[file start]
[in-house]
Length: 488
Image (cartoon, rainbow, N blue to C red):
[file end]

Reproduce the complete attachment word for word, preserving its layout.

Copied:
[in-house]
Length: 488
Image (cartoon, rainbow, N blue to C red):